Remember Polio? This COVID-19 Pandemic Is Surprisingly Similar | Orthopedics This Week - Part 3

Remember Polio? This COVID-19 Pandemic Is Surprisingly Similar

(L to R): Gymnasium converted to iron lung ward in Los Amigos Hospital and Vanderbilt University Hospital Parking Garage Converted for COVID-19 response / Source: Smithsonian National Museum of American History and American Institute of Architects

Albert Sabin’s Solution

While Salk was first, Albert Sabin’s approach would ultimately become the dominant form of polio vaccine. In contrast to Salk, Sabin produced an attenuated virus vaccine using a mutated, avirulent strain of polio virus. This vaccine was taken orally and delivered protection from the virus for much longer than the injected Salk vaccine, and had less risk of causing polio.

The Amazing Parallels Between the Polio Virus and the Corona Virus

Orthopedics This Week was able to speak with Dr. Paul Anderson, a spine surgeon at the University of Wisconsin Department of Orthopedics and Rehabilitation. Dr. Anderson developed a personal interest in polio after attending a congress of the Brazil Orthopedics Society where he learned of Brazil’s history with the disease and Albert Sabin’s work in the South American country. Dr. Anderson pointed out that modern orthopedics stems largely from work done to help children afflicted by polio. In fact, the word “orthopedics” translates to “straight child.” According to Dr. Anderson there are “lots of parallels about what we’re going through now [with the coronavirus] as with polio when it was active. People did a lot of the same things as now. The polio vaccine was multivalent, it is as yet unclear how a coronavirus vaccine will play out.”

While the poliovirus and coronavirus, and poliomyelitis and COVID-19, are very different symptomatically it is apparent that there are many parallels between the current pandemic and the polio epidemic of the 1930s-1950s. Thankfully, some aspects of the epidemics are different, such as the beneficial impact of social distancing, the rapid development of vaccine candidates, and the relative low-cost and mobility of modern ventilators.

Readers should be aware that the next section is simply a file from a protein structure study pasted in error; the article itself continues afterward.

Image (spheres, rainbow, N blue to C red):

However, it is clear that many concerns are still shared between the two diseases such as the uncertainty of symptom severity, an early a lack of understanding of how the virus affects individuals, and a shortage of critical equipment such as personal protective equipment (PPE), ICU hospital beds, and especially mechanical ventilators.

Gymnasiums were converted to house iron lung wards to care for the surge in polio cases, similarly gyms and parking garages have been converted to take overflow patients due to expected COVID-19 cases. The lasting effects of COVID-19 are not well understood either, but permanent lung damage is possible, much like the permanent deformity or paralysis left by poliomyelitis.

The Race to Develop the COVID-19 Vaccine

Due to technological advancements of the last decade vaccine candidates for coronavirus were developed in a matter of hours and days based on sequencing of the viral genome. Despite the rapid identification of potential vaccines, increases in regulation surrounding vaccine development and testing are likely to slow and extend the completion of clinical trials compared to the poliovirus vaccine.

The increased prevalence of coronavirus infection will allow for more robust statistical measurements with smaller populations, and hopefully less time to determine the efficacy. Additionally, positive results, recently announced for antiviral candidates suggest improved outlooks for those most sickened is another positive difference in the response. Such medication was not available for polio, so little could be done but let the virus run its course.

We Have Been Here Before

Hopefully, the coronavirus pandemic will be short-lived and a successful antiviral will soon be approved to reduce symptoms and save lives. Much as it did in the 1950s, a vaccine developed to stop COVID-19 will allow everyone to breathe a sigh of relief and return to more normal activities.

Similar to the polio epidemic, it is likely that everyone alive today will be affected or know someone affected by the disease. We have been here before. And we have prevailed by doing our part and we will do so again, whether it be developing a new drug or vaccine, sewing masks for healthcare workers, or reducing the spread of the disease by staying at home.


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